Every action can have unintended consequences. One wants thoughtful consideration by clear minds before taking such action. 'The Bush team did not capably exploit this stunner' was what I wrote. Had we pursued Bin Ladin and the rest hastening their heavenly reward, we would certainly have avoided the present consequences. How will it end? Two scenarios: Use half measures with a quick view to the exits or take the advice of the military team and go for the win.
The first scenario would likely lead to a return of the Taliban and their ally Bin Ladin to Kabul. Any push by the Pakistani military against militants on the border would fail as the Taliban would ooze back into Afghanistan gathering greater strength, drug money, and weapons. As the American presence wound down, the Pakistani government, seeing the writing on the wall, would attempt a rapprochement with the Taliban hoping to avoid the threat to their existence. Stability or a prelude to further erosion of the Pakistani state? As for their atomic weapons, I'll leave that to you.
The go for the win scenario has its pitfalls. Costly at first, less costly later on with no guarantees. On the positive side, this option opens the door to closer cooperation with Pakistan to crush the militants between us. The people of Afghanistan would be given a measure of security to withstand the intimidation of a group they know and detest. It would offer another chance to innoculate mainstream Islam from their mad fundamentalists (at least for a while). If I have summed up the options fairly, please make a choice.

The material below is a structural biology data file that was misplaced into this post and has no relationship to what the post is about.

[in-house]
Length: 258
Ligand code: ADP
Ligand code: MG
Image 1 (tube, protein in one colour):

Yakov, it might be a more credible comment if you declared yourself to be from Free Russia, but tell us honestly, who is your enemy?
In 2001, a small group of Americans with large suitcases stuffed with cash, won the hearts and minds of Afghan warlords. Money, in this case, bought enough loyalty to rout the Taliban and drive Al-Qaeda into the tribal lands of Pakistan. The Bush team did not capably exploit this stunner but many an American family was gratified that their sons and daughters were spared because of it. Please recall that the British regulars' main complaint about the American irregulars 235 years ago was that we didn't fight fair; we didn't fight like gentlemen.
Mr. Prentice-Mott clearly does not see the difference between buying off an enemy as a stratagem and paying a bribe in the field to the detriment of your allies. Mr. Prentice-Mott is, as they say in the finest circles, a twit.